Friday, December 26, 2008

The Journal of Cotton Adams #2

June 15th, 1737
Taught in the home of local artist, Wooster Plodmullet this evening. Following the lesson, Mr. Plodmullet unveiled his recently completed masterpiece, still mounted on an easel. It appeared to be an untouched piece of canvas.
"How do you like it?" Wooster proudly asked me.
"Fine...but, what is it?"
"It represents the passage of the children of Israel through the Red Sea!"
"But...where is the Red Sea?" I asked.
"It has been driven back - as related in the book of Exodus, chapter 14 verses 21 and 22."
"And where are the Israelites?"
"They have crossed over."
"What about the pursuing Egyptians? Where are they?"
"They haven't yet arrived."
I began to realize his mind was as blank as the canvas I was viewing.


  1. Once the female's nephew gave her a blue piece of paper and told her it was a representation of the biblical flood. But this man has obviously perfected the technique. Too bad he didn't produce and illustrated study bible.

  2. Funny you should mention that. I found a letter addressed to Cotton Adams, dated October of 1737, indicating Wooster was working on that very idea. Each illustrated page was nothing more than page of solid color...with one exception...the rainbow that appeared in the sky after the flood was multiple bands of solid color. I have to say, his solid color painting of a close up of the golden calf in Exodus 32 was quite impressive! He was turned down by every publisher but, came up with the idea of the Wordless Book...and the rest is history!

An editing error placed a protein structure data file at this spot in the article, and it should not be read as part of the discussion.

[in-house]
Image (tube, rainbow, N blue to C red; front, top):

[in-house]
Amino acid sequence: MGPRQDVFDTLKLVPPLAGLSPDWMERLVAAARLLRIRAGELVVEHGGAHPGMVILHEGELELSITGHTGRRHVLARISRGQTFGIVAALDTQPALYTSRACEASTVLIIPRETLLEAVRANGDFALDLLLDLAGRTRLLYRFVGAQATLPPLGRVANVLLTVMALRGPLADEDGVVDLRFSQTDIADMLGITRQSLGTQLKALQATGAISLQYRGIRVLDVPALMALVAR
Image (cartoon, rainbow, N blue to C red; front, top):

3. Did Cotton Adams really suffer from automatonophobia? Because I thought I was the only one who suffers from the constant dread of those wee mannequins with their wee beady eyes and spindly appendages moving all around! *shudders*

  4. A close up of the calf -- impressive. In Gold, I daresay: though on a molecular level the closeup could be done in white as molecules are invisible to the naked eye.

    The rainbow sounds disturbing: solid bands of color. These abstract impressionists. I might have mistaken it for Joseph's coat of many colors.


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